Returning to the Kenyan situation, it would be good to see the evidence of efforts that may have been made by Asian leaders to placate the concerns of their fellow Asians. However, do the leaders enjoy respect and credibility? The rationale for selecting leaders may not have changed despite the lessons that were learnt from neighbouring Uganda. It would be reasonable to expect that faith-based communities elect or appoint leaders on the basis of their religious and community credentials. Not always true. Asian leaders with little or no knowledge of faith were appointed to run temples in Uganda. The main credentials were again, mostly but not always, success in business. Volunteering can be costly and it is far easier for a self-employed business owner to take a few hours off to attend to a wedding or a funeral in the community. A schoolteacher with heavy timetabled commitments cannot be expected to vacate the school rota at short notice. So success in business created a self-perpetuating cycle of consolidation of mostly weak and under-recognised leaders in the Asian community.


As the dynamics of business would have it, only very few Asians could afford to invest the time, money and effort to cope with the demands of the community. Asian leadership became narrowed into hands of not more than ten wealthy families. Their achievements in business were not sometimes enough to satisfy their urge for recognition and consequently a few even became leaders of religious bodies that they were most ill prepared to lead.  There was a dilemma; how could these people become so successful in business and then fail to transfer their leadership skills to community organisations that elected them? A good part of the answer lies in their management styles – they were dominant in family controlled businesses where they had absolute authority. They were not used to teambuilding and consultation. Looking back at building contracting firms, the proprietors probably never had meetings with staff and were not accustomed to being challenged by people from lower stations in life.


This remains a concern now for Kenya. If Asian leaders had blossomed and taken control of key community institutions for the very same reasons as in Uganda and assuming that they came from the same stock, then Asian communities in Kenya today may be leaderless. Success in family businesses may have propelled them into leadership positions in temples, schools and sports clubs but in the main they are going to be unsuitable for tasks that involve dealing with power relationships which could impact on their own businesses. You cannot afford to alienate a government minister whose colleague is going to issue the work permits of your own employees.


The Asian leaders in Kenya today are probably not astute politicians either. Politics is about passion and representation and some people with singular but positive vision can and do move mountains. The Asian leadership in Kenya today almost certainly operates with a major handicap unless they learn to create degrees of freedom for themselves. Freedom to negotiate comes by winning confidence of the people on the other side of the table. Have Asian leaders secured the confidence and respect from the political leadership in Kenya?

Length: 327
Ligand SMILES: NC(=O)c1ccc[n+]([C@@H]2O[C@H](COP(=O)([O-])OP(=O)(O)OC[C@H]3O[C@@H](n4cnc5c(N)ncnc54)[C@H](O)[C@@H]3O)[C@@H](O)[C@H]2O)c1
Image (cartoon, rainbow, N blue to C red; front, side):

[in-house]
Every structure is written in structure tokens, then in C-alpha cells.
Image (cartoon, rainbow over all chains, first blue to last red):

The Asian leaders in Kenya cannot ask for special treatment even if it was legitimate and possible. They are probably still divided by religious and caste-based distinctions. It is possible that their intra-Asian business and religious rivalries will militate against joint community representation as far as talking to Kenyan ministers is concerned.


A final factor lies in the Asian leaders’ perception of their role at such an uncertain time when instability is affecting everybody including native Kenyans. ‘What are you expecting us to achieve?’ they might ask. First they have to recognise their self-interest in this situation. Many Asian businesses also employ other Asians and sometimes only the members of the extended family, if not the village clan from India. If there was a hasty exodus, they also stand to lose.


The second responsibility they have is to acquire urgent understanding of what their communities want and what reassurance they may be seeking. Only then can they aspire to become effective bridges between the communities that they lead and a government that is temporarily distracted by other demands. Asian leaders should have the hard evidence to put together a case for the communities they represent. Should the concerns of the Asian communities escalate, those who can leave may want to leave against their wishes. Kenya may also pay a heavy price.


In the meantime the Asian communities in Kenya may have to suffer without bitterness. How these famous words have come to haunt a completely different people at an unexpectedly different time. The Asians in Kenya are NOT suffering from any political intoreance, or from racial and physical attacks from Kenyans. Many of them are victims of uncertainty which Asian leadership can help to reduce by being…leaders.